Goodbye Disqus, Hello

May 29, 2022

¡Hola! Welcome to another blog post!

In this one, we’ll be talking about moving away from Disqus as the commenting platform on this blog.

This is a task that’s been on my “to-do” list for over 1 year, with the inspiration being this blog post by Supun Kavinda - Disqus, the dark commenting system.

Yes, super ominous title, but at the same time, it made me really think about what kind of privacy options I’d want when visiting a website.

While that blog post was also intended to promote an alternative solution (Hyvor Talk), it brought up some really good points about what the experience of a visitor on the website is.


  • How much do you value the privacy of the folks coming to your blog?
  • How much do you value how fast your site loads?

After reviewing a few options:

I ultimately decided to go with; it was the cheapest (in terms of time & money) to set up, and since the blog is also hosted on GitHub Pages, it made sense to leverage GitHub Issues for comments as well!

Of course Hyvor Talk, Commento & Talkyard provide way more advanced features, and would definitely recommend them for scenarios where there’s a lot more conversation happening, and owners require more tools (such as moderation, spam filtering, voting, etc).

However, for this blog, there isn’t usually much activity, and fits the bill perfectly! (I only hope that the lack of activity wasn’t due to usage of Disqus… we’ll see).

How Does It Work? (don’t you just love clever usage of TLDs!) works as a GitHub App with access to the “Issues” section of your chosen public repository.

Once you install it and hook it up to your repo, you add a small piece of code to your blog’s template, and it will show up where you set it up within your blog.

Utterances Location on Blog

The main limitation is that for someone to comment, they need to have a GitHub account. Once they sign in and authorize the app, any comment added shows up as a GitHub issue on the repository you selected.

It also provides theming options for what the comments will look like, all built using GitHub’s Primer for styling.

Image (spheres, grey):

Utterances Theme Options

My favourite is “Preferred Color Scheme”, which adapts to whatever is set on your system - let the user choose 🙌🏽.

There’s also an option to set a GitHub Issues label that will automatically be added to issues created via the app, which makes it easy to distinguish comments from the blog vs. other issues raised on the repository.

Utterances Blog Label

Finally, you can choose how you want issues on the repository to get mapped to the blog posts.

This ensures that all comments from a particular post get added to the same issue.

For this blog, I opted to go with the Open Graph title meta: og:title, since it was already existent on my blog - I only have to make sure that doesn’t change often.

Utterances Comments to Blog Post Mapping

And that is it! This set up took me less than 10 minutes to finalize, and I could add comments immediately!

Migrating Comments From Disqus

With set up, the next step was moving over comments on existing posts from Disqus and into

Hello (mini) data migration!

If we were to think of this as an ETL pipeline, this is what it would look like (and no, this wasn’t only an excuse to use the ExcaliDraw plugin in Obsidian 😅):

Comments Migration ETL Flow

Let’s explore each phase.


The Extract phase of the pipeline is where we typically fetch the data we want to work with. In this case, the data was the original set of comments on Disqus.

Fortunately, Disqus provides at least 2 options to access your data from their system:

  1. A data export - which gets sent to your email in XML format
  2. JSON APIs

The data structure from the JSON APIs is a bit complex, and took some time try and understand where everything was; the most complex part for me was understanding the hierarchy of content on the blog, i.e. what’s a thread/post/etc.